Ministry Tip of the Week
Twelve years ago, a group of Franciscan Friars taught me how to pray the Liturgy of the Hours, and this “prayer of the Church” has been a powerful source of grace for me ever since. I work fulltime for a parish and wear countless hats; I’m married with three young children. Obviously, I don’t pray the Hours as ‘religiously’ as those Friars, but I do enter into this great and mysterious dialogue as often as I can.
You can learn more about the beauty of this prayer here:http://www.ewtn.com/library/curia/cdwgilh.htm
What I find most profound about the Hours is the intentional organization of Scripture that permeates the pages. Nearly every word is taken from the Scriptures, and the Church has carefully ordered the various daily readings and Psalms in such a way as to foster a rich and prayerful encounter with the Lord through praying his Word. Monks often chant in choir, but it can just as easily be prayed silently in a bedroom. Even when I’m alone, however, I know I’m truly united to the Church - which fills me with consolation and joy. I think that’s why I hold this prayer above all others (besides the Mass).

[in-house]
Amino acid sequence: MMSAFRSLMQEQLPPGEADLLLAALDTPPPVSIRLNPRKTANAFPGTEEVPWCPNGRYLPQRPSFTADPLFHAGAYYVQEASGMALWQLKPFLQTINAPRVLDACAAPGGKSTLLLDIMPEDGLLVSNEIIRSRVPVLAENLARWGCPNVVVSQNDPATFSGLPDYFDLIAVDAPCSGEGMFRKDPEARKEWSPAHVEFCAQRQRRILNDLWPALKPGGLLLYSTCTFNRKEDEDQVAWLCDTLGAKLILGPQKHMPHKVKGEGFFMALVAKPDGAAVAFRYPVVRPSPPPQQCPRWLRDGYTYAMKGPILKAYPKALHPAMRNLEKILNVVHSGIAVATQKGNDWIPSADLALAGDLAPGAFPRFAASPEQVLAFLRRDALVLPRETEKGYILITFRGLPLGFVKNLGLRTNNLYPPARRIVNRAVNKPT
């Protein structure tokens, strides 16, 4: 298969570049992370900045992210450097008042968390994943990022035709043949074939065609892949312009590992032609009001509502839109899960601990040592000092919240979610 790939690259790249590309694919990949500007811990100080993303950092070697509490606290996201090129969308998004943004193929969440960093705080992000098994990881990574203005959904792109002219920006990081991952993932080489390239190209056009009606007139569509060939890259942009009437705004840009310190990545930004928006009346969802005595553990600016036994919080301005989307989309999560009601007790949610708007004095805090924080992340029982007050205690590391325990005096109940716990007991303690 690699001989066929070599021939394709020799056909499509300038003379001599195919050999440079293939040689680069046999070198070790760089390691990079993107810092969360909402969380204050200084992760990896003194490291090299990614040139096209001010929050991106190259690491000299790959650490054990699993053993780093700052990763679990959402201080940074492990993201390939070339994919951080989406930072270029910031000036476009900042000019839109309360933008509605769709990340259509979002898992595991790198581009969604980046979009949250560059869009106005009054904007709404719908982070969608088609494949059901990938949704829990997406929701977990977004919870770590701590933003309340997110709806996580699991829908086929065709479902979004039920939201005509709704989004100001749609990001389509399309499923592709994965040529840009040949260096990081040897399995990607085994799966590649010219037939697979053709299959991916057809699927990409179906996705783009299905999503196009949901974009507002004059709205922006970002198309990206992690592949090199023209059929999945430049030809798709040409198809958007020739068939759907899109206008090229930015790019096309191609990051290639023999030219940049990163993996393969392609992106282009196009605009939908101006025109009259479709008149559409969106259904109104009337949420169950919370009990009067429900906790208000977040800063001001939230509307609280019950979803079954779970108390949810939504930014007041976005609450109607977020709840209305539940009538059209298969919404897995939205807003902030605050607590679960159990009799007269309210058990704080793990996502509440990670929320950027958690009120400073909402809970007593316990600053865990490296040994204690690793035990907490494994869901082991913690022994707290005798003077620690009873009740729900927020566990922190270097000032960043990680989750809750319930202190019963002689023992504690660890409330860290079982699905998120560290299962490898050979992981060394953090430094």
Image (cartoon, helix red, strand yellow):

If you’re curious but don’t know where to start, here’s a few helpful tips. First of all, pray the words, don’t just say them. It makes all the difference. Second, persevere through dryness. There are times when I feel God’s presence almost instantly as I begin to pray, and other times when the experience is arid and cold. Like all prayer, these dry times remind us that our Faith is based not on feelings but truth. So persevere in Faith and remember the profound reality. Third, get it on your Smartphone if you have one. iBreviary is a free app with an aesthetically pleasing presentation. It comes with you wherever you go, and any time is the right time to unite your prayer with the Church in the Liturgy of the Hours.
However we find ourselves praying the Hours, grace is at work. In my own life, the fruit of this universal devotion has been tremendous. The rhythm keeps me prayerful throughout the day. The Scriptural richness fosters deep meditation on the mystery and Person of Christ. Most powerful of all, I think, is what I rarely experience in a tangible way, namely the communion I enjoy with his Bride, the Church, as I pray it.